SCS Myanmar worked closely with Myanmar Press Council (MPC) and Myanmar media sector to take a significant first step in tackling the copycat media. The fifth SCS Myanmar Media Sustainability Roundtable, held on April 10, focused on how to deal with copycat media—whereby media houses republish and re-post news stories and information without permission.
Copycat media is a lucrative business, while legitimate media are struggling for their financial survival. Representatives from the Ministry of Information, MPC, Myanmar Media Lawyer’s Network, media development organizations, and individual media houses discussed possible strategies for combatting copycat media at the roundtable and articulated follow-up actions: engaging with the cyber law drafting committee for intellectual property and engaging with civil society groups which are doing work in fact-checking and monitoring of hate speech and fake news.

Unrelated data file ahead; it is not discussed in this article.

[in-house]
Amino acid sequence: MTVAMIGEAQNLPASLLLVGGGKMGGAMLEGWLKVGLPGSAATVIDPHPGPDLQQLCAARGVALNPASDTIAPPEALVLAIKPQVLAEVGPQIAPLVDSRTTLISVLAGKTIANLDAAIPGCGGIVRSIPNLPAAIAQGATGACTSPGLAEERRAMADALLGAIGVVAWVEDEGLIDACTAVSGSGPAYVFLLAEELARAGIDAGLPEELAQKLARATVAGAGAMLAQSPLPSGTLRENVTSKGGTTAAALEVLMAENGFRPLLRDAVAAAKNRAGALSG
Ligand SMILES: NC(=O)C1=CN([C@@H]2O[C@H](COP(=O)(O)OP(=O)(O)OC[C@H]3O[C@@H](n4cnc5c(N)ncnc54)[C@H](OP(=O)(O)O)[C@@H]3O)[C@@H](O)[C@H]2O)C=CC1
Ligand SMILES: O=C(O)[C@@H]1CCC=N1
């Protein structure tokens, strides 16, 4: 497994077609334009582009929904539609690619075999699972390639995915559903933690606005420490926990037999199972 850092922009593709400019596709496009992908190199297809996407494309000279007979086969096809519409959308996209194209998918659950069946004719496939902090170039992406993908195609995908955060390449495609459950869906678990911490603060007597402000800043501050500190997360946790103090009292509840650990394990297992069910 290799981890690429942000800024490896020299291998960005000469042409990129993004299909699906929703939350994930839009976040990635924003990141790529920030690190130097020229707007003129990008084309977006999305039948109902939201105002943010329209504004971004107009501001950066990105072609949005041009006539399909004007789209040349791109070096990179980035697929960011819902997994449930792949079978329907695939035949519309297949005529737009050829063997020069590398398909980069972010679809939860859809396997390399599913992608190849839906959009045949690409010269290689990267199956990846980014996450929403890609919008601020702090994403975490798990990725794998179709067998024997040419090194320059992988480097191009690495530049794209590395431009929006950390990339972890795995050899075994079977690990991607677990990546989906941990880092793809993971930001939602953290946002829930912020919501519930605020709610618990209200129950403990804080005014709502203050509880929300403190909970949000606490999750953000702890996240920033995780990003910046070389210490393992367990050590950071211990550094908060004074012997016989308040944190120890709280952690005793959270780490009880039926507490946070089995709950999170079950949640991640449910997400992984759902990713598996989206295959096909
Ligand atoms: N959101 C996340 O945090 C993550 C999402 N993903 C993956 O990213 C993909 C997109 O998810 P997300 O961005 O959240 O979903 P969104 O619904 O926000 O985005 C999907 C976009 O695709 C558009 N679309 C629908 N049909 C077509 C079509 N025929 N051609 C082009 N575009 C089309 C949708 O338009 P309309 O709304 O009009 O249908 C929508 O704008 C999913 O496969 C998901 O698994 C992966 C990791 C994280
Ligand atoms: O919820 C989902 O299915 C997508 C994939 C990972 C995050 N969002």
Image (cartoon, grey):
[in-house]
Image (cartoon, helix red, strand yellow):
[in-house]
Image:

The roundtable participants also recommended that the MPC support efforts to act against copycat media, and some media representatives shared the lists of copycat media they had compiled. As a result, the MPC released a statement warning media organizations against the practice of large-scale copying of content without permission. The MPC also issued a warning that it would act against websites that violate the guidelines. On May 27, the MPC issued a notification identifying 30 websites and social media pages that have regularly posted fake/false news or plagiarized news stories. This list was expanded to identify 48 copycat media organizations in a second announcement in August 2019. These announcements have already started to have an impact, with high-profile businesses withdrawing their advertisements from producers that support copycat media.